Dr. Jean Sanders has treated children with cancer for 30 years, long enough to know a success story when she sees it. She also knows that it takes awhile to change people's minds about what works.
What works, Sanders announced in 2005, is treating infants with acute lymphoblastic leukemia (ALL) in first remission with total-body irradiation followed by a bone-marrow transplant. She and her Clinical Research Division team achieved an unprecedented success rate of 76 percent disease-free survival.
Sanders, director of the Hutchinson Center's pediatric stem-cell transplantation program, tracked the outcomes of 40 children diagnosed with ALL under the age of 12 months who were treated at the Center from 1982 to 2003. The children were then followed to determine any long-term effects of treatment on learning, growth and hormones.
Although cancer is rare in children, ALL — a cancer of the blood — is the most common malignancy in this population. During the past 35 years, the improvement in survival for children with ALL is one of the great oncology success stories. In the 1960s, less than 5 percent of children with ALL survived for more than five years. Cure rates in 2005 approach 80 percent for children between the ages of 1 and 9.
But the prognosis for infants with acute lymphoblastic leukemia is usually worse than for older children with the same diagnosis. For children with ALL under 1 year of age treated with chemotherapy — the most common approach at cancer centers today — the survival rate is only around 30 percent.
"They're tough to treat," Sanders said of this high-risk group. "These are fragile individuals. Transplanting individuals at either end of the age spectrum is challenging because they have unique medical reactions to the therapy."
"But we're experienced, and we pay attention to a lot of little details, so perhaps that made the difference in our results."
Radiation therapy for babies remains an unconventional approach because doctors fear the long-term repercussions on health. "The general opinion of most pediatric hematologists and oncologists is that radiation should not be used in infants because it will result in devastating, unacceptable late effects. That's not what we've observed," said Sanders, who is also a professor of pediatrics at the University of Washington School of Medicine.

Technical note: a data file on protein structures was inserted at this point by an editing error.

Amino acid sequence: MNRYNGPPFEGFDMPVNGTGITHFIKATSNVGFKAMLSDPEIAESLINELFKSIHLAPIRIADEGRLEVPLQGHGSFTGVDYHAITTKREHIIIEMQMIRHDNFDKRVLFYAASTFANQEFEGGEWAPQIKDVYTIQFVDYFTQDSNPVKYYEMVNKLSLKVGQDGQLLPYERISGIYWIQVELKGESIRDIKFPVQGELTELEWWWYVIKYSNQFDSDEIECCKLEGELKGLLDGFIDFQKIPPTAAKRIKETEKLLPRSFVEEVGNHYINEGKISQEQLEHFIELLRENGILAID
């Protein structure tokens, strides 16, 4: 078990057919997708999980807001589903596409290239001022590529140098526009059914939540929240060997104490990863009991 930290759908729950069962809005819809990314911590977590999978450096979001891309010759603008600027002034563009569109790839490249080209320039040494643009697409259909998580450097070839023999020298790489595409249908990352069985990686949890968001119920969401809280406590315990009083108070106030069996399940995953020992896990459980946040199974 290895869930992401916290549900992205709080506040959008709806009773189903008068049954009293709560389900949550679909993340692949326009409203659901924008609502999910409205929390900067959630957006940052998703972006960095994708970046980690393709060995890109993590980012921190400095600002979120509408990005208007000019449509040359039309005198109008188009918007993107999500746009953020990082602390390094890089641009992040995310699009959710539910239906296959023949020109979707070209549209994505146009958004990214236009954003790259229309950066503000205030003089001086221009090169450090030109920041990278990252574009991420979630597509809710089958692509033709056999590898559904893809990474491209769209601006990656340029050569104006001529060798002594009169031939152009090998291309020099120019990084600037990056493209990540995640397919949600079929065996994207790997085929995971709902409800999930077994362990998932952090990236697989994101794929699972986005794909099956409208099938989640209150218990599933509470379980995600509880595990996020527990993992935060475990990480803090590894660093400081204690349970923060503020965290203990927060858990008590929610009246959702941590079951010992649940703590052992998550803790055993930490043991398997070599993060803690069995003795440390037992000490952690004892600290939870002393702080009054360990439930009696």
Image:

The researchers found radiation therapy caused growth-rate and growth-hormone deficiencies, so the patients may need to take growth hormone. But according to Sanders, the babies proved resilient. "The fascinating thing about the infants is that, yes, they develop growth-hormone deficiency, but despite the fact that the blood tests tell you that they haven't got the ability to grow, they just go right ahead and grow anyway — which is perfectly fine," she said. "We'll take that any day of the week!"
Infants also experienced dental problems from the irradiation. The patients' permanent teeth frequently failed to develop as the children matured or were damaged in other ways.
High-dose irradiation of the brain can cause learning problems in children, but the lower amount of total-body irradiation used before a transplant has not caused similar problems. The Hutchinson Center clinicians found no long-term impact on intelligence when transplantation was used to treat infants with ALL. "Babies who are sick stop developing, and then when they get well, they begin developing and catch up," Sanders said. "By the time they get to be 5, they're going to school and they're learning and doing just what they ought to. We've tested some of the patients' IQs, and they're perfectly normal and they're in normal classes."
Sanders — who refers to her patients as "my babies" — is gratified by the study's results. "It's very satisfying for me to know that we're not causing irreparable damage, and we're saving children," she said. "It's so hard on parents to know their little babies — their pride and joy — are so sick. It's really a treasure to see them survive and grow up."